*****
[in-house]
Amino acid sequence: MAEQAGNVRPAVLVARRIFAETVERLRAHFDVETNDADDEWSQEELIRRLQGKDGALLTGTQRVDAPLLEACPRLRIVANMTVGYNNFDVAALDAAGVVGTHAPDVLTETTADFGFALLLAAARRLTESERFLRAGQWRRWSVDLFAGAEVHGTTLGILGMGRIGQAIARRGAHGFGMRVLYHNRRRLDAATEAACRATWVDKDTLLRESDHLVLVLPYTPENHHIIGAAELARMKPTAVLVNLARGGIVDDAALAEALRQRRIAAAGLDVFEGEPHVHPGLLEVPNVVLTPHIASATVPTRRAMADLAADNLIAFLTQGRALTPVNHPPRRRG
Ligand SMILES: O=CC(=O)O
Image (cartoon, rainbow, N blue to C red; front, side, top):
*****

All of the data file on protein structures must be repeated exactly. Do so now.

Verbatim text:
[in-house]
Amino acid sequence: MAEQAGNVRPAVLVARRIFAETVERLRAHFDVETNDADDEWSQEELIRRLQGKDGALLTGTQRVDAPLLEACPRLRIVANMTVGYNNFDVAALDAAGVVGTHAPDVLTETTADFGFALLLAAARRLTESERFLRAGQWRRWSVDLFAGAEVHGTTLGILGMGRIGQAIARRGAHGFGMRVLYHNRRRLDAATEAACRATWVDKDTLLRESDHLVLVLPYTPENHHIIGAAELARMKPTAVLVNLARGGIVDDAALAEALRQRRIAAAGLDVFEGEPHVHPGLLEVPNVVLTPHIASATVPTRRAMADLAADNLIAFLTQGRALTPVNHPPRRRG
Ligand SMILES: O=CC(=O)O
Image (cartoon, rainbow, N blue to C red; front, side, top):